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August 8, 2013 / Martha

Buying Sweatshop-Free in the USA

In the last issue of the Green American, we looked at labor abuses in the US. We’d found that the Made in the USA label doesn’t necessarily mean the product was made under decent (or even legal) working conditions. US workers are often subjected to sweatshop-like conditions, sexual violence, prison-like working conditions, and other forms of exploitation.

Fortunately, there are green companies out there doing things right. Here are four ways that green companies are making products in the USA, and doing it under fair labor conditions:

1. They’re Democratically Owned and Operated!sweatshop free

Alvarado Street Bakery makes delicious organic breads in a holistically green manner. In addition to being organic, powered by renewable, and avid recyclers, they are run by their workers.

“We are a worker-owned cooperative owned and managed entirely by the people who work here,” Michael Girkout of Alvarado Street Bakery told us last January. “Our democratic workplace follows the “one person = one vote” principle, and we share our profits equally with all of our workers.”

fair labor2. They Create Fair Manufacturing Jobs!

RocknSocks not only sources their yarn from pre-consumer scraps, they also pay a premium to keep decent-paying manufacturing jobs here in the US.

“It can be done cheaper in other countries,” owner Misty Reily told us last week, “but we stay true to made-in-the-USA values, our growing to the size to utilize several mills has served to help control manufacturing costs.”

fair trade

3. They Source From Unions!

Unions have brought us a number of wonderful things throughout the years — from weekends to medical leave, and fought to end child labor in the US.

Companies that source from unions support unions’ ongoing activism for worker rights.

Justice Clothing has been selling union-made, sweatshop-free apparel from the US and Canada since 2003,” Eric Odier-Fink told us. “When our first employee reached 6 months employment, we re-formed into a coop to guarantee an egalitarian work environment, and that was when we joined Green America, then known as Co-op America.”

4. They Lift Up Vulnerable Workers!

Esperanza Threads takes the role of a socially responsible employer to another level, going beyond fair wages and safe working conditions. Although they make 100% organic cotton products, they say that social justice is the “leading force” behind their existence. cooperatives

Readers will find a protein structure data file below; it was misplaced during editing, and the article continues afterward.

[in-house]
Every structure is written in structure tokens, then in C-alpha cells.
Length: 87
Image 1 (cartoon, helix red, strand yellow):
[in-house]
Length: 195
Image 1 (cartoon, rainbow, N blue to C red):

“As a project of the Grassroots Coalition for Economic and Environmental Justice of Ohio, Esperanza Threads works to train people with barriers to employment,” said Esperanza’s Sister Mary Eileen Boyle. “We work with the under- and unemployed, as well as recently incarcerated women and political refugees (from Burma and Bhutan) to teach them a trade and create good green jobs in our area.”

To learn more about companies creating opportunities for vulnerable populations, click here.

Make Sure Your Purchases are Ethical:

In order to make sure the products you’re spending your money on reflect your values, it’s important to look beyond the organic label and the Made in the USA label.

Purchasing from companies listed in the National Green Pages is a good way to make sure that when you vote with your dollars, you’re voting for both environmental responsibility and social justice — companies listed in the National Green Pages are screened in both these areas.

You can also check out goodguide.com — a website that rates individual products on their social and environmental impacts, taking into account the conditions of workers. Finally, make sure to read through the latest issue of the magazine for more tips on how to buy ethically products made in the USA.

3 Comments

Leave a Comment
  1. El_boricua_atrevido / Aug 8 2013 4:29 pm

    Thanks for the info Martha!! I’m looking for a directory of union-made USA products and manufacturers.

    Tony Vera A vision without a task is a dream; a task without a vision is drudgery; a vision with a task is the hope of the world. (Inscribed on the wall of a church in Sussex, England, circa 1730, posted at http://www.ecotopia.com/ecosystems/mission.htm )

    Date: Thu, 8 Aug 2013 18:46:14 +0000 To: tvera619@msn.com

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